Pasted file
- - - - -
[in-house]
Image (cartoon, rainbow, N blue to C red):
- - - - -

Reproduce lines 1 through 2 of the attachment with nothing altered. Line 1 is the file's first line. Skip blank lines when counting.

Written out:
[in-house]
Image (cartoon, rainbow, N blue to C red):